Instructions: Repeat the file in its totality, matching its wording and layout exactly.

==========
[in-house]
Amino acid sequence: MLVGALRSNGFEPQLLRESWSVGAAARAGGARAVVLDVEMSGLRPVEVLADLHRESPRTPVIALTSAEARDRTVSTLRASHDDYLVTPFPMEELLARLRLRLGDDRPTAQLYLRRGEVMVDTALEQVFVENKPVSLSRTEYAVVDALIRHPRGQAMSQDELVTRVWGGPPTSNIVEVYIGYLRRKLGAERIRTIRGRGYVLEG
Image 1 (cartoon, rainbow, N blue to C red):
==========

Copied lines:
[in-house]
Amino acid sequence: MLVGALRSNGFEPQLLRESWSVGAAARAGGARAVVLDVEMSGLRPVEVLADLHRESPRTPVIALTSAEARDRTVSTLRASHDDYLVTPFPMEELLARLRLRLGDDRPTAQLYLRRGEVMVDTALEQVFVENKPVSLSRTEYAVVDALIRHPRGQAMSQDELVTRVWGGPPTSNIVEVYIGYLRRKLGAERIRTIRGRGYVLEG
Image 1 (cartoon, rainbow, N blue to C red):